Gun injuries decrease by 20% during the NRA’s conventions

gun control

Gunshot wounds are down by 20% when annual conventions of the powerful US weapons lobby, the National Rifle Association (NRA) are happening, conclude researchers Wednesday.

Their study, published in the New England Journal of Medicine, does not prove, however, that there is a direct cause-and-effect relationship between the two phenomena, and is an empirical observation.  However, according to the scientists’ hypothesis, this decrease is due to “the short period when people refrain from using weapons during these conventions”.

More than 80,000 people from all over the United States travel to the NRA conventions each year. According to a study by the US Centers for Disease Control and Prevention, there were more than 65,000 intentional shootings in the United States in 2014, and 16,000 per accident.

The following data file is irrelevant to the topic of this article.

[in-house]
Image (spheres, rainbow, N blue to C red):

Gun Convention

Houston Gun Show at the George R. Brown Convention Center. Wikimedia Commons

“Fewer people using weapons mean less gunshot wounds, which is not really a surprise,” says Dr. Anupam Jena, an assistant professor at Harvard Medical School, Massachusetts, and principal author of the study. “The lack of injury during these big conventions, to which thousands of gun owners go, seems to contradict the belief that these injuries are only caused by the lack of experience in the handling of weapons,” he added.

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The study was based on 76 million completed insurance claims after hospitalizations due to weapons injuries between 2007 and 2015.

The researchers compared two data: the number of injuries that occurred during the days of the week when the NRA conventions were held, and the number of injuries that occurred on the same days of the week, but three weeks before or after the conventions.

The difference between the two is 20%: “1.5 injuries per 100,000 people when there are no conventions, against 1.25 during convention periods”.

Carl Frantz

Polyglot, humanitarian, Carl was born in Germany but raised in the USA. He writes mostly on tech, science and culture.